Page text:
Another section of this same website described their services and how they work. They mention that the first thing they do is build a wireframe to show the client before making their website using WordPress. Elsewhere on the site, it said their web hosting includes a CDN. You probably understand what I just said if you're familiar with websites.
Imagine a client with no knowledge of websites other than knowing their business needs one. “Wireframe,” “WordPress,” and “CDN” don’t mean anything to them. Reading these things may cause them more confusion, which may make them look elsewhere for a web designer.
I talked about Jargon in episode 217 of the podcast. Jargon is common terminology in specific industries but maybe not so common outside of them.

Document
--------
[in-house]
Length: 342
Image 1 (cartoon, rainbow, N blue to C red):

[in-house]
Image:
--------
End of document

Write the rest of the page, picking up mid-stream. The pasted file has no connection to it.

I’m a web designer, and I remember wondering what wireframes were the first time I heard someone use that term. It wasn’t until I understood what a wireframe was that the word became part of my vocabulary.
I’m not saying you shouldn’t use these jargon terms in your communication. But if you do, you should add some clarity for anyone unfamiliar with them.
“We start by building a wireframe, a mockup layout of your website for you to approve before we start building the real thing in WordPress, a popular website platform, powering over 60% of the world’s websites.”
“Our web hosting includes a CDN, a content delivery network that improves the efficiency and speed of your website and helps you rank higher in search engines.”
Even if a client doesn’t recognize the jargon, they can still understand what you’re saying because of the descriptions.
As designers, people think our job is to make things look good. And in part, it is. But more importantly, a designer’s job is to ensure a message is told clearly and understandably.
Design is about communication. And if the communicated message is confusing, then the person, company or organization behind that message will appear less competent.